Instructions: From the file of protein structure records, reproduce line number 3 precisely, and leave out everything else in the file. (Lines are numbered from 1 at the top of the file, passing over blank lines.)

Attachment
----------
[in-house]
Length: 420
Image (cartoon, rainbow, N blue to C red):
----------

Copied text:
Image (cartoon, rainbow, N blue to C red):